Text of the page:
Strength Training, building and maintaining muscle is essential for all of us, especially as we get older.
Like most things the sooner we start, the better.
Most adults lose close to a half a pound of muscle per year after the age of 30, mainly because they aren’t as active as they were when they were younger according to the American Council on Exercise (1).
A loss of muscle at the same time that metabolism starts to slow down is the perfect scenario for weight gain and the health issues that it can bring with it.
According to a study from the Mayo Clinic, strength training not only helps with weight control, but also can build new bone and prevent bone loss (2).
Resistance Training Increases Metabolism
Your basal metabolic rate is increased for numerous days after each strength training workout, and this type of training has been shown to burn more calories than exercises done with lighter weights (3, 4).
In one study 139 obese teenagers showed that aerobic exercise and strength training were more effective in improving the visceral fat, than aerobic exercise alone (7).
Strength training workouts don’t usually burn as many calories as cardio, but it has other benefits (8).
For instance, strength training is more effective at building muscle than cardio, and the more muscle you have, the more calories you burn at rest (9).
One study measured subjects resting metabolisms during 24 weeks of weight training.
In women, strength training led to a 4% increase in resting metabolism. The effects in men were more significant, with an increase of almost 9% (10).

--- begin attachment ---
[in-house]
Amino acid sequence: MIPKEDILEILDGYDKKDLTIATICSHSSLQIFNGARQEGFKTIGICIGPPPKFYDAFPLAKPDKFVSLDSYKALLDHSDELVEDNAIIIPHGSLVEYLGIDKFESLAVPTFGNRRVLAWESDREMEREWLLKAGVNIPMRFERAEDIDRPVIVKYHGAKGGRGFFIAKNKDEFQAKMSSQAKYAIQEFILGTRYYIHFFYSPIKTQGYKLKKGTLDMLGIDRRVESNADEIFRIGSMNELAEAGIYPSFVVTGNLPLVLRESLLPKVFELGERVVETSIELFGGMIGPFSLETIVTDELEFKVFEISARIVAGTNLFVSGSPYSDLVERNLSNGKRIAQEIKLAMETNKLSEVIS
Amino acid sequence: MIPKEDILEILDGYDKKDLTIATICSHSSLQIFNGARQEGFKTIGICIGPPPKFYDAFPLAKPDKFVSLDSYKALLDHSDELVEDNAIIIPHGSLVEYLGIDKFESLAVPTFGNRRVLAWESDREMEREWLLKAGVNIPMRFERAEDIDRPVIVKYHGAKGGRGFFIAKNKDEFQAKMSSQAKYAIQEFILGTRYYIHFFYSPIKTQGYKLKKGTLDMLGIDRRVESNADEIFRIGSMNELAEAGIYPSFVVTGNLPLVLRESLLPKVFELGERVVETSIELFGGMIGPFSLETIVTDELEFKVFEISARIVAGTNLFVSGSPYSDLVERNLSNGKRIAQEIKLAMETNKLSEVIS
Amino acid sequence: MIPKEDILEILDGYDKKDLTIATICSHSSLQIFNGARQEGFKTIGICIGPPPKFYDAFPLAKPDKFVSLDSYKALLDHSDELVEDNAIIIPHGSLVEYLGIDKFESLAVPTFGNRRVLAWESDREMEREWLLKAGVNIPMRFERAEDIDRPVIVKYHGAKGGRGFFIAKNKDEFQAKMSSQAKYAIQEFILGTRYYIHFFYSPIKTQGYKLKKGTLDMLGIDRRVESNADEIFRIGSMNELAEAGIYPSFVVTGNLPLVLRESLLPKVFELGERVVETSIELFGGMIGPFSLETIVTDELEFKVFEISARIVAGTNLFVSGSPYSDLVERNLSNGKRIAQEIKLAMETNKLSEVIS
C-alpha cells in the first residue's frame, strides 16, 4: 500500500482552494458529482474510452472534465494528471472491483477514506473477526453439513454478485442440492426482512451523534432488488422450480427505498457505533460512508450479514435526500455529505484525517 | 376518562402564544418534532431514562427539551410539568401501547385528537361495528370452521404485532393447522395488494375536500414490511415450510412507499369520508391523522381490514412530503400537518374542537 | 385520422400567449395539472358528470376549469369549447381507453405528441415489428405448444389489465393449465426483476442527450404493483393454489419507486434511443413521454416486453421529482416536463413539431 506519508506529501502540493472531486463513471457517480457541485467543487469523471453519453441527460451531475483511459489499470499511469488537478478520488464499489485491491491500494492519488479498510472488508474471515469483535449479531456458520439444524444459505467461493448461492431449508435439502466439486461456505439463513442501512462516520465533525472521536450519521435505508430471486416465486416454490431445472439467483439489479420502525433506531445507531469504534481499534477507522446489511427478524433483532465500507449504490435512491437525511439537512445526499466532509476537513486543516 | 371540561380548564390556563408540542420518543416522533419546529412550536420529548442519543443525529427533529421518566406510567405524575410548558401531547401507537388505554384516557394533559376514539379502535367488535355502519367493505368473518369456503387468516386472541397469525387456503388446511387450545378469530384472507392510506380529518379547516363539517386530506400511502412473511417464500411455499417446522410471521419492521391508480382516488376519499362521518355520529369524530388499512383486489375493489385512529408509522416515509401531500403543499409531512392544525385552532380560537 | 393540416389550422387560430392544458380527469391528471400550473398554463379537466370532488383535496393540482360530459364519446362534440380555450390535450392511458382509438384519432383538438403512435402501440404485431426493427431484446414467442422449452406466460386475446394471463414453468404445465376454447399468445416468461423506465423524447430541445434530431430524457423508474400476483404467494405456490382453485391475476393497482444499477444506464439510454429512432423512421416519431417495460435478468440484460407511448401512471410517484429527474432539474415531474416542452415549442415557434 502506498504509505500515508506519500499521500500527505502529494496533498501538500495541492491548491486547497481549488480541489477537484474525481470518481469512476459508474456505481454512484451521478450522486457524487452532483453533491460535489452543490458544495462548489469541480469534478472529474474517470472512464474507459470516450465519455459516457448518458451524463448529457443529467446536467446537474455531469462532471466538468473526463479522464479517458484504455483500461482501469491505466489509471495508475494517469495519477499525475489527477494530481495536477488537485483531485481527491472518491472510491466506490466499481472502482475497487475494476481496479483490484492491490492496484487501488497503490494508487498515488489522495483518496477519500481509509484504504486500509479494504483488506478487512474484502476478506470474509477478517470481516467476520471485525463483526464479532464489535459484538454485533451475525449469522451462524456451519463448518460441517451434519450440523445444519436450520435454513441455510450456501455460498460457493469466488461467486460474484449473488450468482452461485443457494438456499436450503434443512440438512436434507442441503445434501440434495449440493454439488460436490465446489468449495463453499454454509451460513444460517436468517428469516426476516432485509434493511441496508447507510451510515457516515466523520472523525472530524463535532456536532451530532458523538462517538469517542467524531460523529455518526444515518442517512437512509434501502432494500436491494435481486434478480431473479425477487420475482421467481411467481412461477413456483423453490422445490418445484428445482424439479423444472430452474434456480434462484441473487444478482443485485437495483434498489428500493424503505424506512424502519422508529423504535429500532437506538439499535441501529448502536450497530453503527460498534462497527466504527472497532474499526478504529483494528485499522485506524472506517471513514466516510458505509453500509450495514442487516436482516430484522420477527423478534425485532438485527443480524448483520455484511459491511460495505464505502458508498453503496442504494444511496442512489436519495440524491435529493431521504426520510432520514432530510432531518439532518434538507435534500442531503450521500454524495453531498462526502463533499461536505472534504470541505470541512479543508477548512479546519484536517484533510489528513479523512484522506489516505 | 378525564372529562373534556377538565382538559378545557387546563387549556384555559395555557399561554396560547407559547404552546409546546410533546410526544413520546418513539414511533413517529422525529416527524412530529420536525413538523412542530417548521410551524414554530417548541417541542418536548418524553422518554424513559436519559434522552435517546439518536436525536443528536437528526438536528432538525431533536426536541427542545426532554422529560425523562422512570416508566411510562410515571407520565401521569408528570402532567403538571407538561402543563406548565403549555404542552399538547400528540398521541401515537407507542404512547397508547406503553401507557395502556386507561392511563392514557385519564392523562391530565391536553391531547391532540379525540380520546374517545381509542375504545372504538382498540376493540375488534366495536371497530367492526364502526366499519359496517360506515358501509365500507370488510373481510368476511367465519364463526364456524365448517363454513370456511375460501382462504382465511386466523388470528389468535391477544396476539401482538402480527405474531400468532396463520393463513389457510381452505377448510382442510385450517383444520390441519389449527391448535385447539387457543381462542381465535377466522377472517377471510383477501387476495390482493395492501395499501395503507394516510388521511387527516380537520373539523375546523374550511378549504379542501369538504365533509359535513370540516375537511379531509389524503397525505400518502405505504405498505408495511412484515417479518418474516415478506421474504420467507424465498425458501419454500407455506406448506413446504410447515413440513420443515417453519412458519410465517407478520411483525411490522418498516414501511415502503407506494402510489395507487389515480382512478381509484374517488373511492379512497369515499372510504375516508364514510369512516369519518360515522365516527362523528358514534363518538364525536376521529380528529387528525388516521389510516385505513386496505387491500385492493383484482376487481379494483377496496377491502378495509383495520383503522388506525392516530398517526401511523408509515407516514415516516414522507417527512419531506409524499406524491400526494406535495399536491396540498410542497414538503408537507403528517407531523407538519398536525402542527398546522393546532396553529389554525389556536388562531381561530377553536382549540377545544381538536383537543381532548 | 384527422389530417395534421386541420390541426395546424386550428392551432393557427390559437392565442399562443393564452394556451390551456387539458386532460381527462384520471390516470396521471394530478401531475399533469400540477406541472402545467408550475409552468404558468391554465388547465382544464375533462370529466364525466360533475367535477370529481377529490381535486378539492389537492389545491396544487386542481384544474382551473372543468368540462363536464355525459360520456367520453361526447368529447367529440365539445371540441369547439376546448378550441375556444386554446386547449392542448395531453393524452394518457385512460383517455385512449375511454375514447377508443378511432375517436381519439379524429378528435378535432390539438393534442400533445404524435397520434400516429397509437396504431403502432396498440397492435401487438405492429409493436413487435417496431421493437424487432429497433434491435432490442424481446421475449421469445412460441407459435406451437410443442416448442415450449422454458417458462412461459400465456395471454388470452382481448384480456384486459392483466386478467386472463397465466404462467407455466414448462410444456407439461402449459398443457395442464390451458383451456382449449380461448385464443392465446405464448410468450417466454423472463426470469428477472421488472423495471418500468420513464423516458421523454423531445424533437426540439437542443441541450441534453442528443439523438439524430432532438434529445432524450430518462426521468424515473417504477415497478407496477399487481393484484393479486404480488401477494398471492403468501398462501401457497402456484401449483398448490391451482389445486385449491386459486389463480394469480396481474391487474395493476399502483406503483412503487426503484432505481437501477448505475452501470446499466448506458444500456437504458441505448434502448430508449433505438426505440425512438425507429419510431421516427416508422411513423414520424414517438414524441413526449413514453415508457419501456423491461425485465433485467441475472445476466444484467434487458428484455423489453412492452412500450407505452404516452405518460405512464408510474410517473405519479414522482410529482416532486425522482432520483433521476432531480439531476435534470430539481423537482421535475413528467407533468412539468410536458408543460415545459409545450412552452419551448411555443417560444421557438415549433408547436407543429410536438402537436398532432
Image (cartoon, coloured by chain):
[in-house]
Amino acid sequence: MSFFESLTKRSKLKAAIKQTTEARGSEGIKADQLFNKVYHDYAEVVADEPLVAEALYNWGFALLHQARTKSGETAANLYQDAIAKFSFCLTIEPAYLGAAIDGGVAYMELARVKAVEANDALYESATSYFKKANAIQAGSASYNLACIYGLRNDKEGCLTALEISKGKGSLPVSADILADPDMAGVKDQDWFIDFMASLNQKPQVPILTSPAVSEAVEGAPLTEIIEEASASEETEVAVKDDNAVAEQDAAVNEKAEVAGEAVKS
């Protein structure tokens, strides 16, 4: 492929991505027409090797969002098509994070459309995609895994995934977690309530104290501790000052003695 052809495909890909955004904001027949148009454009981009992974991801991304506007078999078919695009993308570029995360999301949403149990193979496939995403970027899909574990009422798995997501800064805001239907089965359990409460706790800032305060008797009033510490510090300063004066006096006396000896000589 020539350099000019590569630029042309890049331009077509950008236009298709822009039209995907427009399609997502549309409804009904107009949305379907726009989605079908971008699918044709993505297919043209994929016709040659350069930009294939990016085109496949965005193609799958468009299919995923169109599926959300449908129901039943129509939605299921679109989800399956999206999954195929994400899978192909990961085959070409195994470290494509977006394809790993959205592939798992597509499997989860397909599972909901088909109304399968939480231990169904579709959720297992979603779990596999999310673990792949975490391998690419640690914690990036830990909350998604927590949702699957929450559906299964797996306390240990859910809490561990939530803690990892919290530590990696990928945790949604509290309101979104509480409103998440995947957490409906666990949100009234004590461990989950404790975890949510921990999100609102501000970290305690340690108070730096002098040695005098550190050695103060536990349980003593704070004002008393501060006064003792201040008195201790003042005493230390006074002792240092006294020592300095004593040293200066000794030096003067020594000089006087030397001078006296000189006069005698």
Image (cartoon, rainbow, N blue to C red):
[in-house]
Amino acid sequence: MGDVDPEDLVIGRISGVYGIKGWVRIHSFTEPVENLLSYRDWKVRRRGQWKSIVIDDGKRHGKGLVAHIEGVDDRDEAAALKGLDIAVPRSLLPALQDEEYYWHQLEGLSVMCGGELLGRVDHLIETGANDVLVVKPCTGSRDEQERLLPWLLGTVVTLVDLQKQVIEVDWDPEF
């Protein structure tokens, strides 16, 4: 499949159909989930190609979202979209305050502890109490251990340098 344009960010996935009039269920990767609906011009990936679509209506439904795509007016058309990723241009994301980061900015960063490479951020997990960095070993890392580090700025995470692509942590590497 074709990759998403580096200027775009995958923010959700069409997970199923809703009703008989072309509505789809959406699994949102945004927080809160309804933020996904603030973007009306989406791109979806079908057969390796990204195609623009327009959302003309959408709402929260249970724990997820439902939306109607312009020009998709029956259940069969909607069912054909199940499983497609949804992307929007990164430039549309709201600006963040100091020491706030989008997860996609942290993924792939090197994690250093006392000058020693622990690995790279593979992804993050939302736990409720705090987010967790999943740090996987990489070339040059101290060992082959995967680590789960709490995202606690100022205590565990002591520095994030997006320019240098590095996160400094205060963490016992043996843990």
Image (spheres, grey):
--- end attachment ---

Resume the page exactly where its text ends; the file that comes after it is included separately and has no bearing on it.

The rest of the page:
Research has shown that strength training has more calorie burning benefits. Another benefit is that in the hours following a resistance training session you burn more calories, in comparison to a cardio workout (11, 12, 13).
There have even been reports of resting metabolism staying increased for up to 38 hours after strength training (14).
This means that the calorie-burning benefits continue long after exercise.
Strength training improves your metabolism over time. Also, strength training is more effective than cardio at increasing the calories burned after a workout.
Strength Training Helps You Lose Weight
resistance training boosts the retention of muscle mass, which is a significant contributor to how many calories you burn during rest and activity. Strength training might just be the most effective type of exercise for weight loss (21, 22).
For example, in a study for 12 weeks, obese women who performed weightlifting for 20 minutes a day and followed a low-calorie diet loss on average 13 pounds (5.9 kg) and 2 inches (5 cm) from their waistlines (23).
Exercising, especially resistance training, can help prevent a metabolic drop that occurs during weight loss.
Why Heavy Weightlifting is Best for Weight Loss
The key to preserving muscle and strength while losing weight is to perform heavy weightlifting. Weightlifting increase protein synthesis and muscle growth (24).
There are fat loss benefits to heavy weightlifting as well.
A study published by Greek sports scientists found that men that performed heavy weightlifting (80-85% of their one-rep max, or “1RM”) increased their metabolic rates over the following three days, burning hundreds of more calories than the men that performed lighter weightlifting (45-65% of their 1RM) (25).
Compound lifts like squats and deadlifts are the types of lifts that burn the most post-workout calories (26).
If you’re ready to begin your body transformation, then feel free to reach out to me. Email or call to get started today.